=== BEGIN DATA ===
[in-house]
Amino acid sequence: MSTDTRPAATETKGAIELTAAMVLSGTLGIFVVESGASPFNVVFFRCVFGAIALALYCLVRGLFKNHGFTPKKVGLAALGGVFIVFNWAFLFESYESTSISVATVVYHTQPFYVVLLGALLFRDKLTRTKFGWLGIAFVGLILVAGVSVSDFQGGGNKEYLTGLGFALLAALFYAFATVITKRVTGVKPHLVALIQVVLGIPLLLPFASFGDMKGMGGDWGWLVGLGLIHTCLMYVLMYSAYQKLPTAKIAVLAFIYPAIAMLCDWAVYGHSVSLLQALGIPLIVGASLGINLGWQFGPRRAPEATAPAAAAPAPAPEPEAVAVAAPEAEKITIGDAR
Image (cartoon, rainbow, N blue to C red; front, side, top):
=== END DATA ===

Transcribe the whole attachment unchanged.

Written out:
[in-house]
Amino acid sequence: MSTDTRPAATETKGAIELTAAMVLSGTLGIFVVESGASPFNVVFFRCVFGAIALALYCLVRGLFKNHGFTPKKVGLAALGGVFIVFNWAFLFESYESTSISVATVVYHTQPFYVVLLGALLFRDKLTRTKFGWLGIAFVGLILVAGVSVSDFQGGGNKEYLTGLGFALLAALFYAFATVITKRVTGVKPHLVALIQVVLGIPLLLPFASFGDMKGMGGDWGWLVGLGLIHTCLMYVLMYSAYQKLPTAKIAVLAFIYPAIAMLCDWAVYGHSVSLLQALGIPLIVGASLGINLGWQFGPRRAPEATAPAAAAPAPAPEPEAVAVAAPEAEKITIGDAR
Image (cartoon, rainbow, N blue to C red; front, side, top):